A better bet? Try to lean into expressing how you're actually feeling, rather than pointing out your partner's flaws. You might think that they spend too much time on their phone, but what you're really feeling is that they're not spending enough time on you—and it's only in getting vulnerable enough to communicate that feeling that you can move toward real resolution.
3. Lack of respect and recognition
"We all want to be respected and recognized by our partners; it creates a sense of secure attachment," Earnshaw explains. "When we feel disrespected or not recognized, it can create conflict."
An example: One partner cooks all the meals and never hears a "thank you" from the other, leading them to feel unappreciated and unrecognized. As a result, they may lash out at their partner or choose to abruptly stop cooking meals in a way that prompts a fight.
Instead, if you're the person feeling a lack of recognition from your partner, Earnshaw suggests expressing to them that you're not feeling seen, heard, or respected, and how that's affecting you. It's also good practice to regularly take the time to let your partner know that they matter and that you're grateful for their contributions to your relationship, so that they don't wind up in the same boat. Even small (but thoughtful) gestures of recognition can truly help you save a relationship.
Tips for fighting fairly with your partner
No matter the reason you're arguing with a partner (and, TBH, sometimes we find ourselves picking fights for no reason at all), relationship experts agree that it's important to fight fairly. "Engaging in fair and productive disagreements is crucial for maintaining a healthy relationship and resolving conflicts effectively," says neuropsychologist Aldrich Chan, PsyD. Below, he outlines a few rules to ensure you don't say or do anything in your next argument that might harm your relationship for the long haul.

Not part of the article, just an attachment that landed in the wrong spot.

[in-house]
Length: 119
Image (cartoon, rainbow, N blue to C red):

Stay calm and listen
In order to keep things from going off the rails, Dr. Chan stresses the importance of maintaining emotional control and trying to keep anger or frustration from dictation your words and actions. One way to do this? Make a conscious effort to take deep breaths and to take a beat to reflect after your partner says their piece.
"Pay close attention to the other person's perspective without interrupting," says Dr. Chan, "and seek to understand their point of view [before responding], even if you disagree."
Stick to the issue
Dr. Chan also suggests staying focused on the topic at hand without "kitchen sinking," or bringing up all sorts of related issues from the past, which will only put your partner on the defensive.
Focus on communication
"Clearly articulate your thoughts and feelings without assuming the other person knows what you mean," says Dr. Chan. This way, you have less of a risk of being unnecessarily misunderstood and delaying resolution of the issue even further. He recommends being concise and avoiding vague, ambiguous, or generalizing language.
By the same token, it's also important to seek the same kind of clarity from your partner. "If you don't understand something they're saying, ask for clarification rather than making assumptions," says Dr. Chan.
The goal is for the argument to be resolved with both parties feeling good; you don't want to drag it out just because you're trying to "win," says Dr. Chan. So, remember to stay focused on finding a constructive resolution by exploring the kinds of solutions on which you can both agree, he says.
What not to do when arguing with your partner
Make a personal attack
"Avoid attacking the person rather than addressing their ideas or arguments," says Dr. Chan. "Name-calling, insults, and derogatory comments can escalate the conflict and hinder productive communication."
Interrupting your partner while they are speaking isn't just disrespectful; it can prevent them from expressing their viewpoint fully, which can slow the resolution of the fight, says Dr. Chan. "Instead, wait for your turn to speak, and actively listen to what they are saying."
If their words aren't clear to you, ask questions to better understand their point of view and intentions—and give them time and space to answer in full, says Dr. Chan. This way, you won't risk making assumptions about how they're feeling that may not reflect their reality.